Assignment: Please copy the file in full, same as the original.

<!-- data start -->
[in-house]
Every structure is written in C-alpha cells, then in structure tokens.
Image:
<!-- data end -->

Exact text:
[in-house]
Every structure is written in C-alpha cells, then in structure tokens.
Image: